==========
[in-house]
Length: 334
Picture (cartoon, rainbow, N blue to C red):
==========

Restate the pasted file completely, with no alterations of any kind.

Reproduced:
[in-house]
Length: 334
Picture (cartoon, rainbow, N blue to C red):